Gillin stated that he has been meeting with a group of experts from a variety of state and federal agencies, including the CDC and the Agriculture Department, to discuss possible new ways for tracking and responding to the virus in wildlife.

    “There aren’t mandates on any of this, of course, because every state makes up its own decision. But they could take some of the tools or ideas from all these experts, and then look at the list as it relates to your state, and then decide to utilize something that came out of the committee,” added Gillin.

    Based on the agencies’ modeling, states might change their surveillance or decide to put limits on the feeding or handling of wild deer, for example, Gillin speculated.

    Bender, who previously served as the director of the United States Agency for International Development’s One Health Workforce Project, cited other diseases such as Ebola and West Nile Virus, in which a wide range of government agencies collaborate to find ways to reduce the risk of transmission between wildlife and humans.

    “These types of projects really do require the strength and cooperation of the state and regional partnerships, and gets into that One Health concept,” Bender added.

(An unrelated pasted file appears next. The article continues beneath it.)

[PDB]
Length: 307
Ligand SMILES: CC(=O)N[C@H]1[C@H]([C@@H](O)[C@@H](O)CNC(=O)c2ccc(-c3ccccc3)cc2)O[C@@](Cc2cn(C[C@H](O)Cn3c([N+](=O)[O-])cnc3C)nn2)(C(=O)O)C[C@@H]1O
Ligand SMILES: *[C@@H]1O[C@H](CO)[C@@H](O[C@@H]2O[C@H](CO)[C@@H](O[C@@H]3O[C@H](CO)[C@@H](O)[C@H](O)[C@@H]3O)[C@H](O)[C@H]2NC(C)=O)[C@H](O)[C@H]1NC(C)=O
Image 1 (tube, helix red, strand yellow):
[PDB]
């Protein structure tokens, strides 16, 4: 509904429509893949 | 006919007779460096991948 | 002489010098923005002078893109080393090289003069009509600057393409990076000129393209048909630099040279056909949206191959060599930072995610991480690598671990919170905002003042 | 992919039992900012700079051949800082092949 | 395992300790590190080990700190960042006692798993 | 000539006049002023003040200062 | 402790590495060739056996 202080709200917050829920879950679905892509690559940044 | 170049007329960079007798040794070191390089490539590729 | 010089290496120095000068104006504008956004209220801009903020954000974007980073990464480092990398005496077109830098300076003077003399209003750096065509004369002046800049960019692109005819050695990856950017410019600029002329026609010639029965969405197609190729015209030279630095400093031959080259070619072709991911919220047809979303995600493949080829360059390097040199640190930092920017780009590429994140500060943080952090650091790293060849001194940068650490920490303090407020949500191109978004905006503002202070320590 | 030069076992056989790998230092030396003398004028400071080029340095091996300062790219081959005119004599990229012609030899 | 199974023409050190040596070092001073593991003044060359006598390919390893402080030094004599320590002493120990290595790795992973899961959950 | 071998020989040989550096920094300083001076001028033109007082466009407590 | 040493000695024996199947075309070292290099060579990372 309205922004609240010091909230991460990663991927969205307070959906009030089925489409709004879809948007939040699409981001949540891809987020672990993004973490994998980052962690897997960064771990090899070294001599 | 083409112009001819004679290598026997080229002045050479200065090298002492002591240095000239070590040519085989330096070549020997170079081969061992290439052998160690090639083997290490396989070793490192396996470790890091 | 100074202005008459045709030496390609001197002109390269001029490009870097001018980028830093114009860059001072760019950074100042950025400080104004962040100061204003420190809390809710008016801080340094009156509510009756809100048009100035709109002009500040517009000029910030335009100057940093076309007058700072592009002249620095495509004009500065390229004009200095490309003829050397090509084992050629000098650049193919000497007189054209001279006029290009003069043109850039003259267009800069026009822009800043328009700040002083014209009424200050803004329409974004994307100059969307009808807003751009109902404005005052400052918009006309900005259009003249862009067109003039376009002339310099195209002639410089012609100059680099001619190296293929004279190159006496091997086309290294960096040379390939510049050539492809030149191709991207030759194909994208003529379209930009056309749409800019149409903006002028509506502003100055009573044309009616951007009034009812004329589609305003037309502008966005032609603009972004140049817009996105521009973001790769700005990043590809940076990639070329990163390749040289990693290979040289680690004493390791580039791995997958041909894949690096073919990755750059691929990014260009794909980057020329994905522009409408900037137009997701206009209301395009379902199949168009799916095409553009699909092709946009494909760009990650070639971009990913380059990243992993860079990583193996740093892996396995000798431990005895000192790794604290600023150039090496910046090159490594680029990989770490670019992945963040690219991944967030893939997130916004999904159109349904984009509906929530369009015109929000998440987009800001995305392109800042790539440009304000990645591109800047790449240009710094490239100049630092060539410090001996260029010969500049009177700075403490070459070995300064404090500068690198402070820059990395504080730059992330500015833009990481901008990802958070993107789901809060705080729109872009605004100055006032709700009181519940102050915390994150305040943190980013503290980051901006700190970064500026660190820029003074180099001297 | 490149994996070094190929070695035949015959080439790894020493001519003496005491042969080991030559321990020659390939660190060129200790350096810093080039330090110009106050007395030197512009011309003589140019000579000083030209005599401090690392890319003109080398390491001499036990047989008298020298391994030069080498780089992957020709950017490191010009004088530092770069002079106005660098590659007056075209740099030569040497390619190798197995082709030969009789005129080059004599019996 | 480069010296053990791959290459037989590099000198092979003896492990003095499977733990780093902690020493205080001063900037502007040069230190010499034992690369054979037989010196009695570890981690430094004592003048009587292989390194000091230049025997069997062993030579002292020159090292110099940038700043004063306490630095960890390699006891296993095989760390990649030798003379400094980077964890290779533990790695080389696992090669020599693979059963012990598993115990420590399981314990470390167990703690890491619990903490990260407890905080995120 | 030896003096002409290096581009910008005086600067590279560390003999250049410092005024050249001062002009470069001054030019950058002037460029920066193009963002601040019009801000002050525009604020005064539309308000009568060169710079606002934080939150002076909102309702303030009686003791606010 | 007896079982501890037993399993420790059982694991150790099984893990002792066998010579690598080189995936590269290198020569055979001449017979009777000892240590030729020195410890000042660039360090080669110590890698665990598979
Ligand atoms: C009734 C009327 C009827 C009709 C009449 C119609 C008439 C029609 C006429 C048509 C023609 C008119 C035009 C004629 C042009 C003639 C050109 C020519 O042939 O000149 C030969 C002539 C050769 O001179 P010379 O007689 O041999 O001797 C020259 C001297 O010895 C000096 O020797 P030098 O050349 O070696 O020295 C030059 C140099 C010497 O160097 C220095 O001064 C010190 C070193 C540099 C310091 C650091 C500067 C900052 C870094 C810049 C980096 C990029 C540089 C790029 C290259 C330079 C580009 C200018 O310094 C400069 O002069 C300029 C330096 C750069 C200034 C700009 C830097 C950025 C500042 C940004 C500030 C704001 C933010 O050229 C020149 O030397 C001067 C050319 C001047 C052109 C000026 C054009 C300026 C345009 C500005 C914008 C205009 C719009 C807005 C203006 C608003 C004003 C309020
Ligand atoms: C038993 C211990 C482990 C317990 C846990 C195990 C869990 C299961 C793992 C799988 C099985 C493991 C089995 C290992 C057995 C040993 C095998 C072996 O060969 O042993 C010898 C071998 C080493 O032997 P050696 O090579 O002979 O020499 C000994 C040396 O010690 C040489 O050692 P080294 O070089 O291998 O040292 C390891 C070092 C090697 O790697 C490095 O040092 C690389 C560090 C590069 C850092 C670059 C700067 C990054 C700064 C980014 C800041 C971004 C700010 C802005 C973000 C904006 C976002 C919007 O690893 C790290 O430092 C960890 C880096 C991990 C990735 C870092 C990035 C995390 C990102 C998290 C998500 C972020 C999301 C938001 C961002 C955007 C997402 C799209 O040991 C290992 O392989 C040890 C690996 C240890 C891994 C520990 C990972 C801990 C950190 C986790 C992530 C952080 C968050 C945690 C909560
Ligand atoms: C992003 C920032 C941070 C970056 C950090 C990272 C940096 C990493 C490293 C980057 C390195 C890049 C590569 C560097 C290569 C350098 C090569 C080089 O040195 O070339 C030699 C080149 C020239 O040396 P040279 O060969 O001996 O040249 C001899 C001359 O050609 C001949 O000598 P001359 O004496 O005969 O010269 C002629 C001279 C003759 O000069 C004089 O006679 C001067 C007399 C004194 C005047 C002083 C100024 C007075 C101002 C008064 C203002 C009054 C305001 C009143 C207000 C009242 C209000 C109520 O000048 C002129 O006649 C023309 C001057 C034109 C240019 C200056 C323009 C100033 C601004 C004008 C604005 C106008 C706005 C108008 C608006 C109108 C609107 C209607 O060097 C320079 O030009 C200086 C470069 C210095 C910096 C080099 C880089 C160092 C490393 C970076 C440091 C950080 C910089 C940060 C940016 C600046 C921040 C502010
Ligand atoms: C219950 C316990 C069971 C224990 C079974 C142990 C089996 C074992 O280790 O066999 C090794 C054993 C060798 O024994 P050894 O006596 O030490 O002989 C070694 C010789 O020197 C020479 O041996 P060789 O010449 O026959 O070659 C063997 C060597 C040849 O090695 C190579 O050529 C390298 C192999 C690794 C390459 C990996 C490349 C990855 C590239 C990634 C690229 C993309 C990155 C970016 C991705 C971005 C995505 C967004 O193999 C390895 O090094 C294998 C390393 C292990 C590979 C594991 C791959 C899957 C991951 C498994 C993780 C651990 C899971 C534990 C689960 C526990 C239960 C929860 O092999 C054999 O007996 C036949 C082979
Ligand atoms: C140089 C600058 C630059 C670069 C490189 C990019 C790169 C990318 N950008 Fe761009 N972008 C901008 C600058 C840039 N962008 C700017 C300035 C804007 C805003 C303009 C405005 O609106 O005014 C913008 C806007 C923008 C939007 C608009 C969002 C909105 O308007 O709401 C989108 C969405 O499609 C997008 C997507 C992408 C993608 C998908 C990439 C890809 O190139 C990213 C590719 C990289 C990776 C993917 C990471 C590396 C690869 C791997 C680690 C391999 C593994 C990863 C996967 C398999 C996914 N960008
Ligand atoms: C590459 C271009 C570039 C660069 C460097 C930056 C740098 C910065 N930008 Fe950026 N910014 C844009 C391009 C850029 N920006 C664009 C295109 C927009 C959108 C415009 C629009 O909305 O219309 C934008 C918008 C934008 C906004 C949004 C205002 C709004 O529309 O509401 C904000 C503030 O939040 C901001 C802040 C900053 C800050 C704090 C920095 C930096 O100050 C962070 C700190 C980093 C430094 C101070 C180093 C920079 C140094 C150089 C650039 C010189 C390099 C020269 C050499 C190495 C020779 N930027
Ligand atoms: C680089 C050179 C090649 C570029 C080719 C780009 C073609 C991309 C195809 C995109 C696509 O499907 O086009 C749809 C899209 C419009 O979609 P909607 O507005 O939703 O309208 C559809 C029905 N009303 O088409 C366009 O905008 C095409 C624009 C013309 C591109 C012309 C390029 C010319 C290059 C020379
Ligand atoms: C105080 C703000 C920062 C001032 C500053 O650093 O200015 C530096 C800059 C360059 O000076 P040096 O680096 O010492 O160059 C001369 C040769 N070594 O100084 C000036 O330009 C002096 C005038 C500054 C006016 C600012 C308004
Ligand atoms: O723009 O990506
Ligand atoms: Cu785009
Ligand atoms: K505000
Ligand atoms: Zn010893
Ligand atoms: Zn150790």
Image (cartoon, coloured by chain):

According to Bender, experts have already started collaborating on strategies to decrease the possibility of SARS-CoV-2 spreading to animals, such as cleaning wastewater or vaccinating zoo animals, as well as public education.

    Some governments have taken more drastic measures in response to outbreaks linked to animals held in captivity abroad.

    Denmark began culling its farmed mink population in 2020. In January, Hong Kong ordered the euthanasia of thousands of hamsters and other tiny animals due to a record-breaking heat wave. However, as Bender points out, in wild animal populations, this isn’t really a choice.

    “One of the things we don’t want to do, and we’ve seen historically in the past, is ‘oh, we’ll need to kill the wildlife.’ And that’s just really not a viable strategy,” he added.

    Image Credit: Getty